Bill was a Professor of Computer Science from 1975 to 2018, first at the University of Minnesota and then in the School of Computing at the University of Utah. He received his Sc.B in Physics from Brown University and M.S. and Ph.D. in Computer Science from the University of Southern California. Bill contributed significantly early in his career to the field of computational vision, especially in the areas of visual motion perception and dynamic scene analysis. At the University of Utah, he began a multi-disciplinary research program studying perception and virtual environments at the intersection of computer graphics and visual perception. Although Bill was trained in computer science, throughout his career he befriended and learned from psychologists; through his generous and numerous collaborations, he developed innovative ways to study how human perception and performance and computer graphics interact. His ideas and efforts led to the formation of the interdisciplinary journal ACM Transactions on Applied Perception (TAP) and, in 2004, the first ACM Symposium on Applied Graphics and Visualization (APGV), which became the ACM Symposium on Applied Perception (SAP) in 2012. He published the important multidisciplinary book Visual Perception from a Computer Science Perspective.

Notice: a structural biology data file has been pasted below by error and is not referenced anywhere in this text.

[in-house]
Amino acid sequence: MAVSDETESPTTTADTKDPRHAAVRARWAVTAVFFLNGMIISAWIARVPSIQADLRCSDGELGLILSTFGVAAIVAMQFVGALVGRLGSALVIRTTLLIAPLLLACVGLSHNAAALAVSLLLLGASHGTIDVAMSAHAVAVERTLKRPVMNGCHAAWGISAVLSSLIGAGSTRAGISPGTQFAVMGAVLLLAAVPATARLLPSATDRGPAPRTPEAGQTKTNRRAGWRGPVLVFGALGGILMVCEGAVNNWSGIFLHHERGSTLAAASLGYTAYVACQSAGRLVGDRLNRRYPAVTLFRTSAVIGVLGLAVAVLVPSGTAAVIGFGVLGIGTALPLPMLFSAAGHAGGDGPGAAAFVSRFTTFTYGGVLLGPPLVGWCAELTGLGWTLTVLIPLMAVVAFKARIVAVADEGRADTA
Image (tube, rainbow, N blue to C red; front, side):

Bill was also a committed mentor who thrived on deep discussions with his students and colleagues. He challenged himself and others to step outside of their comfort zones and propose big ideas and new research questions, resulting in numerous impactful grants and projects. He was especially dedicated to advancing women scholars in computer science. He leaves a legacy of former students and collaborators across multiple universities and departments who continue to benefit from their time knowing, working, and adventuring with him. He is survived by his life partner, Barbara Miller, sister, Elizabeth Thompson, and many close friends and colleagues.